As CSU’s “Seven Days for Seven Dollars” program continues this week, William Kramer spoke about the ethical issues that face the business community in reaching the lower income market and how CSU’s emphasis on global sustainability impacts it.
The “Seven Days” program encourages students to try to live on one dollar per day, an amount similar to what many people in what Kramer, the president of The Global Challenge Network, called the “base of the pyramid” live on.
However, while the program is intended to help students understand the challenges faced by the impoverished around the world, Kramer said businesses should stop thinking about the poor as objects of charity and handouts.”
Kramer said his research estimates the base of the pyramid, which is made up of four billion people worldwide, is a $5 trillion market.
Kramer said creating sustainable markets and diminishing the knowledge gap between the base of the pyramid and the higher levels is the best way to reach the lower income markets while still being socially responsible.He emphasized that that knowledge, which he said is being “privatized, commoditized and is expensive,” is essential in ending exploitation of low-income peoples and making them viable business markets.
“Knowledge is as much an essential component to life itself as water,” Kramer said. “Everybody ought to be paying for [it].”
Kramer said a distinction has to be made between information and knowledge.
He said information is becoming more and more readily available because of technology such as the Internet, but in order to be useful, information has to be coherent.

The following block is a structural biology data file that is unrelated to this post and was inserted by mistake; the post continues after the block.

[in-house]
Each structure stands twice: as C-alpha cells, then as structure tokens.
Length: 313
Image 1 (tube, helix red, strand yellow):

Colleges are important, Kramer said, because the research and the education that is occurring at universities helps organize information and impact the future of the world.
“We’ve got the ability to cohere [information], and that’s the kind of knowledge that transforms people’s lives,” Kramer said.
He added that CSU is an institution that will have significant impact on the global market in the future.
“CSU is really at the leading edge of this stuff. I’d rather be here than about any other college campus in this country,” Kramer said.
CSU’s programs help to create knowledgeable business people “with a conscience,” he said.
Joseph Darnell, a global and sustainable enterprise graduate student and speaker coordinator, said the presence of speakers like Kramer further the university’s image as a leader on these issues.
“CSU has a reputation that it is trying to create,” Darnell said, explaining that the university is constantly building and re-defining its reputation.
In addition to knowledge, Kramer said businesses have the ability to create profitable markets in developing countries, allow local communities to become producers with value and allow low-income people to make choices about their financial futures.
“We (higher income groups) can make choices and not have them be fatal,” Kramer said.
He said businesses that attempt to work in low-income markets also face a variety of ethical issues including:
Changing/maintaining the status quota
Bringing global harm, such as global warming, in order to benefit local communities
Large companies competing with small companies
Breaking laws to reach, and ultimately benefit, local populations
Kramer did not offer solutions to these dilemmas but rather posed them as questions for the audience to consider.
Carl Hammerdorfer, the director for CSU’s global social and sustainable enterprise program, which brought Kramer to campus, said speakers like Kramer are beneficial to the community because they bring together students and businesses.
“It starts a community conversation,” Hammerdorfer said.
Darnell agreed that the conversation is important.
“They’re global issues, but in the end they’re going to affect all of us,” he said.
Senior Reporter Jim Sojourner can be reached at firstname.lastname@example.org.